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Chemicals color coding system

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LeoBen Rising GMAT Star Default Avatar
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Chemicals color coding system Post Wed Jan 04, 2012 4:28 pm
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    In a certain lab, chemicals are identified by a color coding system. There are 20 different chemicals. Each is coded with either a single color or a unique two color combination. If the order of colors in the pairs doesnt matter, what is the miniumum number of different colors needed to code all 20 chemicals with either a single color or a unique pair of color.

    a. 5
    b. 6
    c. 7
    d. 20
    e. 40

    OA: B

    My answer doesnt equate OA, below is my approach (backsolving) PLEASE correct me. Thanks.

    consider a. 5 as it is the smallest amongst all.

    1 or 2 nos = _ + _ _

    5 + 5C2 X 2! = 5 + 10 X 2! = 25 --> this is sufficient as other will give me more than this value.

    Checking with the OE - the only contention is the 2! in 2 colors, my rationale being the 2 colors chosen can be arranged in two ways. For ex. we choose red & blue - these can be arranged as: RB or BR.
    Analogy I thought - if we have 3 colors RAG (red, amber, green) , selecting 2 of them we can form 6 of them:
    RA
    AG
    GR
    AR
    GA
    RG
    ------------------------- Am I missing a point here?

    Source: Kaplan

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    pemdas GMAT Titan Default Avatar
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    Post Wed Jan 04, 2012 5:45 pm
    this one is quite easy without backsolving

    I'll try to explain the logic firstly

    you can select two color sets without order priority among n colors -> nC2
    your selection must return at most 20 - also your selection may return less than 20 (you need to trade-off here Smile in the solution process) -> nC2 =< 20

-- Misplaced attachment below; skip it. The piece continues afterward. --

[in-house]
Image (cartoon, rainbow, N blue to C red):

find such value for n so that n distributed in two-color sets Plus some value of (n-value) is enough to cover up 20 chemicals

    Let's see, nC2 and n=7, hmm we have nC2=21 (greater than 20) reject
    nC2 and n=6, we get nC2=15, OK fine, we also have 5 colors among six individual colors which are distributed in pairs. Thus, total makes 15 two-color sets made up out of six colors + 5 solid colors out of six colors makes minimum 6 colors (revised for clarity)

    b

    your mistake was in permuting nP2 instead of nC2, when the problem explicitly specifies the order in pairs doesn't matter. In your way, 5P2 is 20 and you get there ans.A which is wrong BTW.
    LeoBen wrote:
    In a certain lab, chemicals are identified by a color coding system. There are 20 different chemicals. Each is coded with either a single color or a unique two color combination. If the order of colors in the pairs doesnt matter, what is the miniumum number of different colors needed to code all 20 chemicals with either a single color or a unique pair of color.

    a. 5
    b. 6
    c. 7
    d. 20
    e. 40

    OA: B

    My answer doesnt equate OA, below is my approach (backsolving) PLEASE correct me. Thanks.

    consider a. 5 as it is the smallest amongst all.

    1 or 2 nos = _ + _ _

    5 + 5C2 X 2! = 5 + 10 X 2! = 25 --> this is sufficient as other will give me more than this value.

    Checking with the OE - the only contention is the 2! in 2 colors, my rationale being the 2 colors chosen can be arranged in two ways. For ex. we choose red & blue - these can be arranged as: RB or BR.
    Analogy I thought - if we have 3 colors RAG (red, amber, green) , selecting 2 of them we can form 6 of them:
    RA
    AG
    GR
    AR
    GA
    RG
    ------------------------- Am I missing a point here?

    Source: Kaplan

    _________________
    Success doesn't come overnight!

    Thanked by: LeoBen
    LeoBen Rising GMAT Star Default Avatar
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    Post Fri Jan 06, 2012 12:02 am
    Oh yes - my mistake. Ofcourse order doesnt matter, so RB or BR its just the same as per the stem i missed it I guess.

    Thanks Pemdas

    Post Fri Jan 06, 2012 1:01 am
    Knowledge of Combination

    The problem is same as Either 1 or 2 choices...


    6C1+6C2=21>20

    So minimum 6 Colors needed

    (B) is the answer

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